The outlines of the torture debate kabuki emerged this morning with the interviews with John McCain and Stephen Hadley on This Week. It is actually quite straightforward. McCain was very optimistic they could reach a compromise and Hadley said that the three conditions for compromise are this:
1. they must be able to keep the program (which is, of course, entirely up to Junior who stomped his little feet until he turned blue at his press conference, threatening to allow terrorists to kill us all in our beds if he doesn't get his way.) It's entirely within his power to "keep the program."
2. they must give their intelligence professionals "clear guidelines" with congressional support. In other words they need some sort of bill that says the congress supports the president's CIA interrogation program. (Perhaps Bush can lead a little cheer.)"Clear guidelines" means nothing. What they are seeking is exactly opposite of "clear guidelines. So, basically, they simply have to assert that they've got them and they've got them. Check.
3. they must find a way to do this by accomodating McCain's desire that they not "amend" Article III. McCain has already set forth how they will do this:
McCain and the other GOP senators have indicated they would be willing to amend domestic U.S. law, especially the War Crimes Act, to permit at least some "enhanced" CIA techniques. They are also willing to pass legislation that would deny many rights to detainees at Guantánamo Bay and allow them to be held indefinitely.
Bush has always said that he wanted to "clarify" Article III and I predict that they will soon have a breakthrough that says they have found a way to do just that --- by amending the War Crimes Act.
And all over the country the word will go forth that the Republicans in the US Senate stood up to the unpopular George W. Bush --- Sing Hallalujah! They are tough on terrorists and moral to boot! We can all vote Republican again with a clear conscience --- accountability and oversight have arrived thanks to St. John McCain the Anointed One.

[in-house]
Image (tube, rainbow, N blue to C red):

Aside from the obvious electoral benefits of this kabuki dance, I also suspect the administration's substantive goal all along was to stage a public fight on torture in order to get the congress to compromise on all the military tribunal issues. They got their cornpone tool Huckelberry Graham to eliminate judicial review and habeas corpus, and all they need now is to force the kewl mavericks to give up their requirement that terrorists be allowed access to the evidence against them and they will have codified their Gitmo gulag. Excellent work.
Update: The main reason I know this is kabuki is more than just instinct. It's because crap like this gives away the game:
Another irony lies in the fact that the congressional rules for interrogations that the Bush administration now seeks to embrace in the new legislation -- the Detainee Treatment Act of 2005 -- were vigorously opposed by the White House before their adoption by Congress. Bush disliked them so much that when he signed the law Dec. 30, he appended a statement objecting to some of its provisions and explicitly reserved his right to interpret them "in a manner consistent" with his constitutional authorities as president and commander in chief.
In another twist, the principal Republican lawmakers responsible for the Detainee Treatment Act -- Sen. John McCain (R-Ariz.) and Sen. Lindsey O. Graham (R-S.C.) -- said last year that they meant the law to set a minimum, humane standard of treatment for detainees held by both the Defense Department and the CIA. But they now are telling colleagues it would be a bad law for the CIA to follow in the future because its language would slight international treaty obligations.
A retired intelligence professional who said he has discussed the matter at length with colleagues said the predominant view at the agency is that McCain -- who made clear in congressional debate last year that he disapproved of what the CIA was doing -- was surprised to learn later that the Detainee Treatment Act did not put a stop to it.
All those "twists" and "ironies" and the picture of a naive, hoodwinked St John the Anointed just don't pass the smell test.
I have no doubt that McCain and Bush will stand together, all smiles, at a bill signing ceremony some time in the not too distant future. And then the president will issue a signing statement designed to cover his ass and everyone elses ass and John McCain will run for president as the man who saved America's soul.